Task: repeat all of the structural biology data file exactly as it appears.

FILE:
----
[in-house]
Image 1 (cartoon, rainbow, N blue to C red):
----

[in-house]
Image 1 (cartoon, rainbow, N blue to C red):